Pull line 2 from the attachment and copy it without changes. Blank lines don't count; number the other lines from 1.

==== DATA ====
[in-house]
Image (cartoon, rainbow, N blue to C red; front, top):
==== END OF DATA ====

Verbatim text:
Image (cartoon, rainbow, N blue to C red; front, top):